Making hay while the sun is shining isn’t easy for Nova Scotia farmers this soggy summer

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Farmers in Nova Scotia say rain and humidity have brought an abundance of hay to cut, but that same humidity makes it difficult to extract dry bales from the field.

“Most of us have a pretty good crop this year with all the moisture we’re getting,” said Tim Marsh, president of the Nova Scotia Federation of Agriculture and dairy farmer in Poplar Grove, in. Hants County.

“Due to the humidity, we’re limited on dry days to making dry hay. It’s frustrating when you kind of get three-quarters of the time you need, but not the last little bit to finish it off. to dry.”

Marsh said some large producers process hay that is not completely dried. He said it involved fermenting the hay and turning it into a food called silage.

Sun needed

Paul Meagher makes dry hay bales on his farm in Mabou, County Inverness. He said it usually takes about three consecutive days of sunny weather to get the job done.

“Cloudy days [are] not good for drying, ”he said. “You often cut one day, wilt and rake the next, then maybe save later in the day or the next day, ideally. It was difficult to have a few good sunny days. “

Meagher said farmers are lucky to get one cut of field hay per season. The amount of hay harvested will depend on the weather in the coming weeks.

He hopes to get at least 2,000 square bales and plans to sell them off the field to horse and cattle owners for $ 3.25 each.

One thing he has noticed this year is how quickly the fields have grown.

“The grass just isn’t slowing down,” he said. “It’s just steady growth.”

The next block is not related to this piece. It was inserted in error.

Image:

Finding ways to help

Farmers in Atlantic Canada are looking for ways to help their peers in the West who are facing food shortages due to drought and wildfires.

Tim Marsh is president of the Nova Scotia Federation of Agriculture. (Submitted by Katherine Tuttle)

Marsh said a survey of farmers in Nova Scotia found there were an additional 20,000 bales, large and small, available for sale.

“It’s really just a token amount in the grand scheme of things because of our geographic base,” Marsh said.

“We’re so much smaller than any of the Prairie Provinces, but I know the fact that we’re even watching here is greatly appreciated.

Marsh said it would cost around $ 180 to deliver a round ball to Winnipeg.

“This is a price these producers cannot afford … this is where the federal government has a responsibility to possibly cover the transportation costs.”

Marsh said it is a matter of food sovereignty, or the ability of Canadians to feed Canadians.

He said if western cattle herds were to decline, it would likely translate into higher beef prices in about two years.


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